Israeli-Palestinian conflict needs a negotiating, not a criminal, process

On February 5, 2021, the International Criminal Court (ICC) issued a decision regarding the scope of its territorial jurisdiction over issues pertaining to the Israeli-Palestinian conflict. This unwarranted intervention by a foreign court undermines Israel’s sovereignty, rewards Palestinian terrorism, plays into the hands of extremists, and turns the Court into a tool of anti-Israel propaganda.

Israel, a Jewish state founded after the horrors of the Holocaust, was among the first states to support the idea of establishing an international criminal court. Nevertheless, like other states, Israel did not join the Rome Statute due to concerns that the court would be exploited as a political tool rather than fulfilling its original purpose. The ICC has now proven that these concerns were justified.

Israel has valid legal claims over the same territory that the Palestinians have sought to submit to the ICC’s jurisdiction. The agreement between Israel and the Palestinians to resolve their dispute over this territory’s future status through negotiations has long been between the sides. The recent normalisation agreements between Israel and the UAE, Bahrain, Sudan, and Morocco, known as the Abraham Accords, are further proof that the only way to achieve genuine peace is through direct negotiations.

Israel acknowledges that the lack of jurisdiction on the part of international tribunals with respect to any particular dispute does not relieve states of their duty to fulfil their international legal obligations. In the present context, Israel remains willing and able to address Palestinian grievances through direct bilateral negotiations and various remedial avenues, including multi-layered review mechanisms already in place. This includes Israel’s judicial system, which is world-renowned for its judges, the quality of its decisions, and the depth of its commitment to the rule of law. Since the establishment of the State of Israel in 1948, the Supreme Court has played an important role in the protection of human rights.

The State of Israel, like India, is a democracy committed to the rule of law and international justice. Israel has kept its democracy strong by maintaining the delicate balance between its security needs and those of human rights.

Unlike most other democracies, Israel faces challenges to its very existence that are ongoing and persistent. Israel considers that the tragedy of the Israeli-Palestinian conflict can only be resolved by direct dialogue between the parties that is sensitive to the needs and aspirations of Israelis and Palestinians alike. It continues to call on the Palestinian side to abandon the strategy of attempting to demonise Israel in international institutions and engage, instead, in genuine, direct, and peaceful dialogue.

From before Israel’s independence, Israelis have yearned for peace. From the 1947 UN Partition Plan to the 2000 Camp David proposal, to the 2008 peace plan and through this day, Israel has, again and again, extended its hand in peace.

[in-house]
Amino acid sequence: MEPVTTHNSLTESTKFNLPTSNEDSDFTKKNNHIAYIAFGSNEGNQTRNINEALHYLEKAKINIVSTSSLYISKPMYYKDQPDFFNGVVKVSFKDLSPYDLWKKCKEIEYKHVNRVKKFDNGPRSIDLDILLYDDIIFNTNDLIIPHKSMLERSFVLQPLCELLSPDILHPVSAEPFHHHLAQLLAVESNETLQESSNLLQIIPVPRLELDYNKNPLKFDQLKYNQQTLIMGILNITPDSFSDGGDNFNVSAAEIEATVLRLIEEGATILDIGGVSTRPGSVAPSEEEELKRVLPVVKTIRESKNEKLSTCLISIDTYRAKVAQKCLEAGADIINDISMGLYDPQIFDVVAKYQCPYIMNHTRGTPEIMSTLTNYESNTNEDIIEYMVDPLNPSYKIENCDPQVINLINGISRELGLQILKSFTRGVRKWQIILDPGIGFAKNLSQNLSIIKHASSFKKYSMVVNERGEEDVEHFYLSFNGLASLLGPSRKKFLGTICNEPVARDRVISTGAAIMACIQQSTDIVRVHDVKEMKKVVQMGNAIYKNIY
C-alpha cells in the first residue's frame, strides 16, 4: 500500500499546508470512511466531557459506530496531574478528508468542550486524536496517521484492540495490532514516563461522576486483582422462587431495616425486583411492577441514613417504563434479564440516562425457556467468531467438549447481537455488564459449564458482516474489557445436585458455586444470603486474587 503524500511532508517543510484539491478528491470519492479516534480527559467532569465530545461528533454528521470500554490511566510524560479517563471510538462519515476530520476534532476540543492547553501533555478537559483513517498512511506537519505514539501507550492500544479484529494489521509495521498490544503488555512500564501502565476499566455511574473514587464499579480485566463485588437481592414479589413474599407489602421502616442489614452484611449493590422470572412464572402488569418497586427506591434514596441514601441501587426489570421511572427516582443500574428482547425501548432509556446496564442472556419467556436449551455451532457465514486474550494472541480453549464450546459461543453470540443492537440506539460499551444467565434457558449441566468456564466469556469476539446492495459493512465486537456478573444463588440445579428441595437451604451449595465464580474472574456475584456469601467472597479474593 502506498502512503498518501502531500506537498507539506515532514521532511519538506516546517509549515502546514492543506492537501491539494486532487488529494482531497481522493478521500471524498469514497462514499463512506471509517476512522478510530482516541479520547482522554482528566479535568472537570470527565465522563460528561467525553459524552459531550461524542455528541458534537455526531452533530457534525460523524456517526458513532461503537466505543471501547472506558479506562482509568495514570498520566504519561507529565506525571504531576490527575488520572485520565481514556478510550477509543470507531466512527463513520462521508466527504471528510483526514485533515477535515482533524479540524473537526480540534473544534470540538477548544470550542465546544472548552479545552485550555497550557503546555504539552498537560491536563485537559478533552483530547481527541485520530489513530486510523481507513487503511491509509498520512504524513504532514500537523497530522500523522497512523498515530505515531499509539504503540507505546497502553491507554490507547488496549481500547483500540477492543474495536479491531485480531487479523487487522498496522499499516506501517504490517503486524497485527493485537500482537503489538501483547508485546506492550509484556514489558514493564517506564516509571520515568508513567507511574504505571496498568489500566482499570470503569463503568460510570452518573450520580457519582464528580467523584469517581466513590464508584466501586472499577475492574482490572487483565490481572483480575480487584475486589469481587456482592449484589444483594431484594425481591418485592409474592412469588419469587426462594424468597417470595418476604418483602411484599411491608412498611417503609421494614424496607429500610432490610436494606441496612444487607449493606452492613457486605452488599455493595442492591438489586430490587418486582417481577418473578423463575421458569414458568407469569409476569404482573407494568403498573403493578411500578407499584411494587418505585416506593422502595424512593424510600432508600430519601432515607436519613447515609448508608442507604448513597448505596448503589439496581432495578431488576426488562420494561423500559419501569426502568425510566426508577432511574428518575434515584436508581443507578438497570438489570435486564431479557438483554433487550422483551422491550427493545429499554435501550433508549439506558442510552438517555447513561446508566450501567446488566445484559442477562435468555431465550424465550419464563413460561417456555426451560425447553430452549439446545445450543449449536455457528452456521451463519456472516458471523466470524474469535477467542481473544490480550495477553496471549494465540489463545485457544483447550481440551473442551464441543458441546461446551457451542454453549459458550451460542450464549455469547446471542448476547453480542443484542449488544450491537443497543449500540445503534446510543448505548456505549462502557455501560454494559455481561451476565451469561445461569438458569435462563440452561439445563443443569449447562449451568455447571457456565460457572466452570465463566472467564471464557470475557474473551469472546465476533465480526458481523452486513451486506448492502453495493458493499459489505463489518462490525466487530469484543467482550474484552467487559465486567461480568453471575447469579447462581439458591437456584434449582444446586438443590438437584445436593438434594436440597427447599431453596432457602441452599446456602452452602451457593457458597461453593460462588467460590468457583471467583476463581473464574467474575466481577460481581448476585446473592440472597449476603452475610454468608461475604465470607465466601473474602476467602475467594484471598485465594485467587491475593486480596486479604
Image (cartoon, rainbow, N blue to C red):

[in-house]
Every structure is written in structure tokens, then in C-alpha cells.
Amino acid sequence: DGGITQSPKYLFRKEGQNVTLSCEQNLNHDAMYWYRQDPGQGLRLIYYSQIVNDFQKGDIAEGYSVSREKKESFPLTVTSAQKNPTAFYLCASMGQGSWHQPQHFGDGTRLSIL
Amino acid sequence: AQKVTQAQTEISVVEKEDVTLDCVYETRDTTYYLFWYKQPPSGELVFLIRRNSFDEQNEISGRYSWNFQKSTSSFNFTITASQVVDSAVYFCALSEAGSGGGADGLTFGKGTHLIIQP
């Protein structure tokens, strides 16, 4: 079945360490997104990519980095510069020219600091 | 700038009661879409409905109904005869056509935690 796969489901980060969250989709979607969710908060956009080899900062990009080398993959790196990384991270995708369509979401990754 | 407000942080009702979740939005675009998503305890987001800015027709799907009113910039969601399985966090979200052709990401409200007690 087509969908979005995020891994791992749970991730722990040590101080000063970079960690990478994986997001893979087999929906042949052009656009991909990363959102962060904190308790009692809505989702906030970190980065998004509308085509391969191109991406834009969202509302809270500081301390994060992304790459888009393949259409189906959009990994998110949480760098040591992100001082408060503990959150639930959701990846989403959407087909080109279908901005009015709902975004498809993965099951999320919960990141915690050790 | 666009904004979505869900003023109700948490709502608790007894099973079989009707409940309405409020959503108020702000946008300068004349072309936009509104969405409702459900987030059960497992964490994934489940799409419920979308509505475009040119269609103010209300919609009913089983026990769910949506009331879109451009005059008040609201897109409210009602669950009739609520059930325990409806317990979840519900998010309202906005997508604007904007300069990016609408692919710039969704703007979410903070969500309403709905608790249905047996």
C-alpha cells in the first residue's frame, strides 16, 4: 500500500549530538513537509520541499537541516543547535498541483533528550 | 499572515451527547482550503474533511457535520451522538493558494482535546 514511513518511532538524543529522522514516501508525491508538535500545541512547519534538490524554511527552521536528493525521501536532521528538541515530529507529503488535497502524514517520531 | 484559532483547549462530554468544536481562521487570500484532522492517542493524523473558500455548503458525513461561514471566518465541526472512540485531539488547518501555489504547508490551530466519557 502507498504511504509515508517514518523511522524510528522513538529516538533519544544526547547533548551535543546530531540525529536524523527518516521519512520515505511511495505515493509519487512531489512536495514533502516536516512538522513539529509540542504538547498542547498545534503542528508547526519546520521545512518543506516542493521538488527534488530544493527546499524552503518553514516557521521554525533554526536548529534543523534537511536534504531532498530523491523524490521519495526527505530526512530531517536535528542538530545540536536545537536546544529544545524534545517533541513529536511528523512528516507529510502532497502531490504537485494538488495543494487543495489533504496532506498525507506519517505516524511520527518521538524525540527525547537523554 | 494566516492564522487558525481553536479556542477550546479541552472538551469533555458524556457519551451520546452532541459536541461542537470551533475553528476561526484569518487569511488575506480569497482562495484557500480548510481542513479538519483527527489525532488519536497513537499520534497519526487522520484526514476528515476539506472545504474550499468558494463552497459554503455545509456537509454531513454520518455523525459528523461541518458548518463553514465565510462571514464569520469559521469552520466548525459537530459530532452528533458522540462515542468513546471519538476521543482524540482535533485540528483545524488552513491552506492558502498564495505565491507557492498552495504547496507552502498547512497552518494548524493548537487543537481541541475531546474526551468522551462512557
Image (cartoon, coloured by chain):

Israelis hope that the flames of hate that are still highly prevalent in Palestinian society will be replaced with a yearning for peace. In Israel, the overwhelming majority of the public shares a desire for peace, expressing this hope through art, music, prayer and in the education system. Indeed, the concept of peace is deeply ingrained in the Jewish tradition. All the daily Jewish prayers include a blessing for peace, and the Jewish sages taught, “Great is peace, for all other blessings are included in it.”

The Israeli-Palestinian conflict is a complex one. It is a conflict involving the rights and obligations of both Israelis and Palestinians; a conflict involving both sides’ suffering, not just one. This kind of conflict needs a negotiating process to bring people together, not a criminal process to pull them further apart.

The cause of peace, justice, and the interests of those affected by the conflict — all values that the Rome Statute was designed to promote — are ultimately undermined, not advanced, by the ICC allowing for its politicisation and intervening in circumstances where it so evidently lacks jurisdiction to do so.

The ICC’s latest decision has diverted it from its original mandate and undermined the values for which it was established. It is still not too late to shift course to the right path, however, and the responsibility for doing so rests on the prosecutor’s shoulders, who enjoys full discretion on this matter.

Israel will take all necessary measures to protect its citizens and soldiers from this illegitimate decision by a court that has proved itself today to be a political body, not a judicial institution.

We call on all states who value the international legal system and seek to protect it from politicisation, to oppose this decision and not cooperate with it.

The writer is Ambassador of Israel in India

 

 

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